A Guide to Acquisition Agreements - Covenants Before Closing

“Covenant” is fancy lawyerspeak for “promise.”  So unlike the representations and warranties, these are enforceable promises.  Even though the main point of the contract – to transfer the business from seller to buyer – doesn’t happen until closing, the agreement is a binding contract once it’s signed.  The “covenants before closing” are the promises that are enforceable immediately after the contract is signed.  Typically, these are promises to do things that will help get to closing and not to do things that won’t.  For example, if the parties know that they will have to make a federal “Hart-Scott-Rodino” antitrust filing and wait to get antitrust clearance, each party will make promises to carry out its role in that process.

Another purpose of the promises between signing and closing is to deal with the possibility that the situation will change.  For example, the seller usually makes promises as to how it will and will not conduct the business in order to maintain the status quo and what it will do (e.g. inform the buyer) if conditions change in ways that contradict its representations or warranties or threaten the transaction.

These covenants also often give the buyer rights to do further diligence investigations.  This can be crucial if the parties decided to sign up the deal before the buyer had completed diligence (not a recommended procedure).  In the usual situation where the buyer has completed its diligence before signing, this covenant is mainly important to the buyer’s planning for post-closing integration.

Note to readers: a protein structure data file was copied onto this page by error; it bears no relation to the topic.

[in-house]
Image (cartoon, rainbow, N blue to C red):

In thinking about these promises, the most important consideration is that they be practical.  For example, the seller almost always promises not to sell assets between signing and closing.  If the business has to securitize its receivables or sell its defaulted receivables on a regular basis, the contract should usually contain an express exception for that to happen without notice to or the permission of the buyer.  The covenant will usually make an exception for “transactions in the ordinary course of business” but if there are important transactions that happen regularly, the parties should consider specifying them, to avoid misunderstandings.

A more subtle consideration in drafting these provisions is the powers and incentives they give the parties.  For example, a buyer that promises to use its “best efforts” to obtain anti-trust clearance might have to divest significant parts of it existing business if the government demands the divestitures as a condition to clearing the sale.  That could give the seller an incentive to side with the government’s silliest positions, even if they entirely undermine the point of the deal for the buyer.  By contrast, if the buyer’s promise to help obtain anti-trust clearance specifically states that the promise doesn’t require the buyer to divest any assets, a buyer who didn’t want to close for other reasons could hide behind even the mildest and most reasonable government demands.  There are circumstances where each of these alternatives makes sense, but you shouldn’t agree to either one without serious thought.

the businesspeople can usually safely allow the lawyers to take the laboring oar on antitrust or regulatory approval matters unless approval is in real doubt.  That’s not true of covenants concerning operation of the business and diligence investigations that might take up the time of seller personnel or otherwise interfere with regular operations.  The businesspeople need to understand these covenants well and think through how they will play out in practice.